Mother’s Day is a special day that for most of us means we look forward to spending time with our families. It’s an opportunity to show our appreciation to our mum by spoiling her and giving her a day off from cooking and other household chores.
Growing up as one of four children, I always knew that at some stage in my life I wanted to be a mum. On April 16, nineteen years ago, that day came as the result of a twisted turn of events in which our daughter, Kalin, was born at 24 weeks gestation. The experience was surreal. I could never have imagined this happening to me. Mother’s Day that year didn’t feel like a day to celebrate, instead, I felt a deep sadness that was coupled with the guilt I felt around not wanting to celebrate with my Mum.
You can download Never Forgotten: Stories of love, loss and healing after miscarriage, stillbirth, and neonatal death for free here.
It was hard to pretend to be happy when I felt like my world had been turned upside down. Only weeks ago, I had given birth, held my beautiful tiny baby briefly, and then said goodbye. I remember feeling confused. I had been excited (and if I’m honest, apprehensive) about becoming a parent, but the whole experience and outcome was not what I had expected. Could I now say I was a mother? When people asked if I had children what would I say? I felt people only wanted to hear about any children I had, not about any I had lost.
For the next two years of my life when Mother’s Day came around, it was just another anniversary that reminded me of what could have been. My hope and dream of being a mother had become a reality for a brief moment in time, but then it was taken away. I had become a mother, but like so many others (as I came to realise) I was a mother without a living child. On Mother’s Day my beautiful husband would wish me happy Mother’s Day and I would cry.
International Bereaved Mother’s Day, which usually falls a week before Mother’s Day, was created to acknowledge and provide comfort for those women whose babies and children have died.
To mark this day, on Sunday 7 May, I will not only remember my daughter, but to do something else that I feel is important - to show understanding and compassion to women who are mothers even though their precious babies are not on this earth. I have been fortunate to go on to have two children with whom I celebrate Mother’s Day with. I understand (as only someone who has experienced loss can), that the experience of miscarriage, stillbirth and newborn death is difficult and I feel it is important to recognise that it happens to so many people we know and love. This type of loss is an experience that shapes our life story. As we know not all stories of being a mother have a happy ending, but that does not mean we are not mothers.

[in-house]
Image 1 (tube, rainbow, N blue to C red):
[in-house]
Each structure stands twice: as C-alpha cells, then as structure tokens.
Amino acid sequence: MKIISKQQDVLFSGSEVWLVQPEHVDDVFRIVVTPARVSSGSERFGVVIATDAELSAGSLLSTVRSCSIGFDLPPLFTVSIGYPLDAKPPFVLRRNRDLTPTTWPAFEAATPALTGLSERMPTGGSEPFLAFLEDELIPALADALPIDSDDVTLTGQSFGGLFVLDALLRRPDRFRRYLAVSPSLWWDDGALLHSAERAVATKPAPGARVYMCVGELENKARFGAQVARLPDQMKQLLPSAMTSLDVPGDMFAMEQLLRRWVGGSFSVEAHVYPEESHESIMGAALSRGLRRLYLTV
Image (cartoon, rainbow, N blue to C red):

What do you say to someone who's lost a child? Post continues after audio.
And don’t forget that Sands, who provide support to anyone affected by the loss of a baby, are available around for anyone needing support. I can’t tell you how good it was to speak to a Sands Parent Supporter when Kalin died. Finally, there was someone who really understood. They showed so much compassion and helped me validate myself as a mum. I want to return the support that I received and that’s why I trained to become a Sands Volunteer Parent Supporter.
An estimated one in four pregnancies (93,000) ends in miscarriage in Australia each year, while approximately 2,425 babies are either stillborn or die in the first 28 days after birth.
Sands is a not-for-profit organisation that provides support, information and hope to parents and families who experience the death of a baby. All Sands Parent Supporters understand the heartbreak and devastation that follows the death of a baby, as they too have experienced it. Sand also offers resources and education for healthcare professionals.
Anyone affected by the death of a baby can ring the 24/7 Sands support line 1300 0 72637 and talk to a Volunteer Parent Supporter or visit: www.sands.org.au. T: @SandsAustralia F: www.facebook.com/sands.australia